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  Council » Policies and Plans » Rules and regulation » Waikato Regional Plan » Waikato Regional Plan (online version) » 5.1 Accelerated Erosion*

5.1 Accelerated Erosion*

Background and Explanation 
Erosion is a natural phenomenon which results in soil losses and water quality degradation. New Zealand is geologically young and active and, as a result, the natural level of erosion is high by international standards. Changes to the vegetative cover of the land brought about by activities such as farming, introduction of pests, burning, forestry, road construction and urban development reduce protection against erosive forces and lead to accelerated erosion. Soil is a finite resource. Once erosion has occurred, the productivity of the soil rarely returns to its former level.

Erosion Prone Areas
Although much of the Waikato Region’s 2.5 million hectares is relatively stable, the National Land Resource Inventory has identified over one million hectares affected to some degree by erosion, with almost 36,000 hectares ranked as severe to extreme. A further 400,000 hectares is classified as having severe erosion potential.

Soil erosion susceptibility is the result of a complex set of interactions between soil type, climate, vegetative cover, terrain characteristics (slope and aspect) and land management practices. Some land types are more susceptible to accelerated erosion than others. Susceptible land types generally include hill country and the banks of rivers and lakes. In addition, some soils such as pumice soils are more prone to erosion than others. In the Waikato Region, accelerated erosion occurs in different forms depending on the locality.

Erosion prone areas in the Waikato can be grouped as follows:

  1. The Central Volcanic Area
    Includes the pumice land around Taupo, Kaingaroa and Mamaku. The soils lack coherence, making them prone to severe gully, sheet, rill, stream bank and wind erosion in situations where there is insufficient vegetative cover or water control. It is only when there is insufficient vegetative cover or water control that these soils are high erosion risk soils.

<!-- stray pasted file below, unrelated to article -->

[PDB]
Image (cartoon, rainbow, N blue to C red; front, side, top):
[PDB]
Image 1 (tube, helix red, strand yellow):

2. The Western and Central Hill Country Includes the hill country extending along the Waikato’s west coast and becoming more dissected in the north. The central hill country consists principally of the Hapuakohe Range and the southern section of the Hunua Range. Overlain with volcanic ash, these hills are prone to sheet erosion, particularly where heavy livestock are grazed on steep land. This part of the Region also includes karst landscapes and caves. Cave systems are particularly vulnerable to disruption caused by sediment input or works that alter airflow characteristics.
  3. The Eastern Ranges Parts of the Kaimai, Coromandel and Hapuakohe Ranges. High rainfall in these areas exacerbates erosion effects. Downstream estuaries on the Coromandel Peninsula are vulnerable to accelerated infilling from sediment that threatens the ecological values of these areas.
  4. The Coastal Margins The dune systems of the east (Coromandel) and west coasts act as natural buffers against coastal hazards. These areas are prone to wind erosion.
  5. River and Lake Banks
    Rivers across the entire Region are affected by erosion. River and lake banks are subject to the erosive force of water, which can be exacerbated by land use activities that damage or disturb the banks and beds of rivers and lakes. Erosion of the beds of rivers and lakes is addressed in Module 4 River and Lake Beds.